ASSETS
A. Farm assets


Quantity

Estimated current market value per unit

Total amount

Land (ha)

1

10,000

10,000

Farm buildings




Farm sheds

2

5,000

10,000

Farm animals




Carabaos

2

6,000

12,000

Goats

3

1,000

3,000

Farm equipment




Plows

2

1,500

3,000

Harrows

2

700

1,400

Stored crops




Corn (kg)

200

5

1,000

Total farm assets



40,400

B. Household assets




House

1

50,000

50,000

Furniture

-

-

12,000

Savings

-

-

1,000

Total household assets



63,000

TOTAL ASSETS



103,400

LIABILITIES

Short-term loans

10,000

Long-term loans

30,000

TOTAL LIABILITIES

40,000

CURRENT NET WORTH(total assets less total liabilities)

63,400

Annual farm household gross income statement

This tool shows the sources and amounts of the farm household income. It is a usefill tool for households to be able to know how important are the various income-generating activities to the total income of the house.

1. List the value of sales of crops and livestock for the year.

· Quantity the number of pieces or kilos sold per item
· Estimate the current market price per unit for each item.

2. List other income sources.

3. Add the income items from the farm and other sources to come up with annual farm household gross income. In order to calculate the net income, the various expenses for each of the income sources should be subtracted. These are the cost of production (e.g., fertilizer, feeds, seeds, etc.).

Annual farm household budget

A farm household budget serves many purposes: 1 ) it allows the family to compare their expenditures, based on their income; 2) it allows them to discuss and agree upon what items or activities they spend their money on; and 3) it allows them to set limits (on a per-month and per-year basis) for their amount of spending. For a rural development worker, this information can be very helpful to determine who might receive specific technical assistance (given the labor profile) and the capability of the household to venture into new activities and to assume new risks. l. Invite the members of the household to list the items they spend their income. 2. List average monthly expenses. 3. Multiply the monthly expenses by 12 months to determine the annual amount spent on each item. 4. Sum the annual expense for each item to come up with the total annual farm household budget.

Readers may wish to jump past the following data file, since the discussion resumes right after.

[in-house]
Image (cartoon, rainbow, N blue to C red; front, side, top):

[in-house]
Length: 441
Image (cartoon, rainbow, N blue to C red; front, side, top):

Example: Annual farm household income statement

INCOME FROM CROP/LIVESTOCK


Unit

Current market price per unit

Total amount

1. Fruit




-Pomelo (pcs)

200

5

1,000

-Papaya (pcs)

1,000

2

2,000

2. Vegetables




-Cabbage (kg)

1,000

4

4,000

-Sweet peas (kg)

1,000

7

7,000

3. Livestock




-Sale of goat

1

1,000

1,000

Subtotal



15,000

OTHER INCOME




1. Sale of firewood

500

10

5,000

2. Remittances

-


4,000

3. Hired labor (days)

10

50

500

Subtotal



9,500

Total annual farm household gross income



24,500

Example:

Annual farm household budget

1. Food

1,200 x 12

14,400

2. Gas

50 x 12

600

3. Soap

50 x 12

600

4. Education

150 x 12

1,800

5. Transport

20 x 12

240

6. Medicines


1,500

7. Tobacco

200 x 12

2,400

8. Alcoholic beverages

100 x 12

1,200

9. Gambling and leisure

50 x 12

600

10. Others


500

TOTAL


23,840